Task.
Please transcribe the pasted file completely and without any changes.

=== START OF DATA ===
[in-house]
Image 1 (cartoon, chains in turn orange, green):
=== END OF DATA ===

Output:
[in-house]
Image 1 (cartoon, chains in turn orange, green):